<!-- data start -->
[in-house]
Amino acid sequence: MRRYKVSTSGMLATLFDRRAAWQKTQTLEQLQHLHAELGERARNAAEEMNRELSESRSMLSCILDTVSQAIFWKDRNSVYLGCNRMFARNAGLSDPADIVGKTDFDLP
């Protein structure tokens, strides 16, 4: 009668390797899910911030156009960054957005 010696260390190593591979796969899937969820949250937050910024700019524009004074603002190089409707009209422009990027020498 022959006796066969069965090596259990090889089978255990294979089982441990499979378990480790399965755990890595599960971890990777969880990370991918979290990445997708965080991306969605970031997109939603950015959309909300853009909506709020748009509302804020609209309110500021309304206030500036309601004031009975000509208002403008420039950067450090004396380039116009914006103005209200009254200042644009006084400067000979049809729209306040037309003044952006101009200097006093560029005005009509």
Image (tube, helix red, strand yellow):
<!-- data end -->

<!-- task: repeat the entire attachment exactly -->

[in-house]
Amino acid sequence: MRRYKVSTSGMLATLFDRRAAWQKTQTLEQLQHLHAELGERARNAAEEMNRELSESRSMLSCILDTVSQAIFWKDRNSVYLGCNRMFARNAGLSDPADIVGKTDFDLP
């Protein structure tokens, strides 16, 4: 009668390797899910911030156009960054957005 010696260390190593591979796969899937969820949250937050910024700019524009004074603002190089409707009209422009990027020498 022959006796066969069965090596259990090889089978255990294979089982441990499979378990480790399965755990890595599960971890990777969880990370991918979290990445997708965080991306969605970031997109939603950015959309909300853009909506709020748009509302804020609209309110500021309304206030500036309601004031009975000509208002403008420039950067450090004396380039116009914006103005209200009254200042644009006084400067000979049809729209306040037309003044952006101009200097006093560029005005009509």
Image (tube, helix red, strand yellow):